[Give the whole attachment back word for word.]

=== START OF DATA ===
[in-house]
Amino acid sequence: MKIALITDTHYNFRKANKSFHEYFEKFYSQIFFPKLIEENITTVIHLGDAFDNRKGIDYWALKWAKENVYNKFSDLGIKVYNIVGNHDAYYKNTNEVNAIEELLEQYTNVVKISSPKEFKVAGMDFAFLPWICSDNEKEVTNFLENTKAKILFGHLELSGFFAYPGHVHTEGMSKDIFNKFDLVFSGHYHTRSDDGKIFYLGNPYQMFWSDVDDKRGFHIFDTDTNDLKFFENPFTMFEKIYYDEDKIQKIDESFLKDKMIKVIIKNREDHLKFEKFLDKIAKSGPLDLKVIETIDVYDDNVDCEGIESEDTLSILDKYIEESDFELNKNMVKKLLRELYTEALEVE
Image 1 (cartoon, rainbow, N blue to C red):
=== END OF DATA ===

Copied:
[in-house]
Amino acid sequence: MKIALITDTHYNFRKANKSFHEYFEKFYSQIFFPKLIEENITTVIHLGDAFDNRKGIDYWALKWAKENVYNKFSDLGIKVYNIVGNHDAYYKNTNEVNAIEELLEQYTNVVKISSPKEFKVAGMDFAFLPWICSDNEKEVTNFLENTKAKILFGHLELSGFFAYPGHVHTEGMSKDIFNKFDLVFSGHYHTRSDDGKIFYLGNPYQMFWSDVDDKRGFHIFDTDTNDLKFFENPFTMFEKIYYDEDKIQKIDESFLKDKMIKVIIKNREDHLKFEKFLDKIAKSGPLDLKVIETIDVYDDNVDCEGIESEDTLSILDKYIEESDFELNKNMVKKLLRELYTEALEVE
Image 1 (cartoon, rainbow, N blue to C red):